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Promoting Global Environmental Action in the Fashion Industry

Middlebury College's Institute of International Studies Environmental Policy Program in collaboration with Fashion Revolution

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The United States is among the top 5 consumers of fashion globally and yet, in many countries in the world, including the United States, the fashion industry and its resulting human rights and environmental impacts remain unregulated. Fashion Revolution, the world’s largest fashion activism movement campaigning for a clean, safe, fair and transparent fashion industry, publishes an annual review of 250 of the world’s largest fashion brands and retailers who are ranked according to the level of information they disclose about their human rights and environmental policies, practices, procedures, outcomes and impacts. The Fashion Transparency Index finds that for 2021, major fashion brands and retailers remain largely un-transparent about their human rights and environmental policies, practices, outcomes and impacts with an overall average score of just 23%. 


WFI believes the adverse effects of the fashion industry pose a global challenge that necessitates an innovative, multi-pronged approach and an interdisciplinary collaboration that provides critical research into the issues so they can be put into action by governments and corporations, who are ultimately the most responsible to address the harmful effects of the fashion industry on people and the environment.  

During the Spring of 2022, WFI partnernered with the Middlebury College of International Studies International Environmental Policy Program to provide in-depth policy recommendations alongside Fashion Revolution.


The fashion industry’s staggering overproduction problem has led to immense human rights and environmental impacts. This, coupled with the industry’s lack of transparency on carbon emissions (and lack of progress on implementation of renewable energy across supply chains) means that one of the industries, which contributes most to negative impacts globally, is also one of the most lightly regulated global industries. The complex nature of global supply chains, operating in many different regions, complicates efforts to tackle such issues within the United States and beyond. The Middlebury team’s task was to provide various recommendations across different stakeholders, including those for policymakers and major brands and retailers, that would help facilitate a regulatory framework to hold those most responsible to account for their adverse environmental outcomes, which often impact women to a greater degree as they comprise the overwhelming majority of garment workers.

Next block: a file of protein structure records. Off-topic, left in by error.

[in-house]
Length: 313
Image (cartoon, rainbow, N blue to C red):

The aim of the project  was to further leverage Fashion Revolution’s existing work to campaign for greater transparency of brands’ human rights and environmental policies, practices, outcomes and impacts as a critical first step in improving the fashion industry’s sustainability and social impact. This, through broadening our understanding of the fossil fuel industry by undertaking a literature review on production and manufacturing in Asian countries as it relates to renewable energy options, the lack of transparency on biomass and its traceability and the effectiveness of Purchasing Practice Agreements (PPAs) and Energy Attribute Certificates (EACs).  At the moment, there are a series of incoming legislations that require brands’ mandatory disclosure of their human rights and environmental due diligence procedures and this paper seeks to outline some of those changes, their implications and what needs to happen next to create a clean, safe, fair and transparent fashion industry.

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